The ability to hear, see, and interpret—key skills for a musician—are the very skills that enable Haydn to be a good detective. And it helps that he’s had plenty of practice in putting together what his wife says to him even though he doesn’t always attend very closely to her remarks.
So, while there’s no fancy musical cipher to crack in A Minor Deception, Haydn does use his musical skills to solve the mystery.
Bio: A former journalist, Nupur Tustin relies upon a Ph.D. in Communication and an M.A. in English to orchestrate fictional mayhem. Childhood piano lessons and a 1903 Weber Upright share equal blame for her musical works.
Connect with Nupur online:
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Website: http://ntustin.com & Blog: http://ntustin.com/blog
A Minor Deception: A Joseph Haydn Mystery
When his newly hired violinist disappears just weeks before the Empress’s visit, Haydn is forced to confront a disturbing truth. . .
Kapellmeister Joseph Haydn would like nothing better than to show his principal violinist, Bartó Daboczi, the door. But with the Empress Maria Theresa’s visit scheduled in three weeks, Haydn can ill-afford to lose his surly virtuoso.
But when Bartó disappears—along with all the music composed for the imperial visit—the Kapellmeister is forced to don the role of Kapell-detective, or risk losing his job.
Before long Haydn’s search uncovers pieces of a disturbing puzzle. Bartó, it appears, is more than just a petty thief—and more dangerous. And what seemed like a minor musical mishap could modulate into a major political catastrophe unless Haydn can find his missing virtuoso.
“A Minor Deception is a wonderful tour de force that pulls the reader into the intricate world of 18th century music, mystery and politics! Elegantly written and plotted, the reader will be hooked from page one.”— New York Times Bestselling Author Emily Brightwell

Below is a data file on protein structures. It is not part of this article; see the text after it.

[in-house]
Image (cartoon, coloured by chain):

“A wonderful read for any music lover! Vivid historical descriptions, intricate details, and a fascinating central character kept me turning the pages. Bravo!” —Amanda Carmack, award-winning author of The Elizabethan Mystery Series
“. . . will enthrall music lovers and mystery lovers alike. With complex characters and vivid descriptions, the reader will be transported back to the eighteenth century to enjoy a fascinating tale of intrigue. . .”—Kate Kingsbury, Author of the Pennyfoot Hotel & Merry Ghost Inn Mysteries
“Tustin occupies a unique niche in the historical mystery world with her debut novel, one which she clearly masters. Her knowledge of the classical music world is obvious, but her talents as a writer are no less apparent in the puzzle and music of this story.”
–Edith Maxwell, Agatha-nominated author of Delivering the Truth
“Well-written and exquisitely developed, A Minor Deception is a standout in the genre of historical mysteries. An encore is requested!” D. Donovan, Senior Reviewer, Midwest Book Review
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5 thoughts on “Nupur Tustin: Haydn and the Secret Code”
Thanks for hosting me, Tina!
Thanks for being my guest! Congrats on your new release!
Thanks again, Tina!
I had the privilege of reading an advance copy of “A Minor Deception” and enjoyed it immensely. It immerses you in a different time and you learn a lot about Haydn and other real people of that time. A thoroughly good read.
Thanks, Grace! So glad you liked it.